PCR with RNase H (rhAmp PCR)
Reduce primer dimers and other undesirable amplification products with state-of-the-art PCR technology
What is rhAmp PCR?
rhAmp PCR is RNase H-dependent PCR (rhPCR), a nucleic acid amplification method that provides increased target specificity over traditional PCR. Compared to traditional PCR, rhAmp PCR requires an additional enzyme, RNase H2, and uses blocked primers (rhPrimers
or rhAmp Primers) in place of conventional PCR primers.
How does it work?
rhAmp technology relies heavily on the unique design of rhPrimers and the inherent characteristics of RNase H2. As opposed to DNA-only primers used in traditional PCR and qPCR, rhPrimers contain a single RNA base and a 3′ blocking group that must
be removed by RNase H2 before extension by DNA polymerase can occur (Figure 1). The added specificity achieved by this mechanism consistently yields more amplification of the fragments you are targeting, and less off-target amplification (Figure 2).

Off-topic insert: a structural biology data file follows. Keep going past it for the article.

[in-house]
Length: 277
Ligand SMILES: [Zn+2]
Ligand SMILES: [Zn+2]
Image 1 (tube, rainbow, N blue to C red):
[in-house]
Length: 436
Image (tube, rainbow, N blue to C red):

Who should use it?
The primer-dimer reducing abilities of rhAmp technology make it ideal for demanding genomics applications like multiplexed amplicon sequencing and SNP genotyping. In addition, if you are performing studies involving rare variant detection, splice variant discovery, or microbial identification, consider using rhAmp PCR to create your own PCR assay. Its added specificity can
offer both efficiency and accuracy improvements to regular PCR when undesirable amplification artifacts are a consistent problem.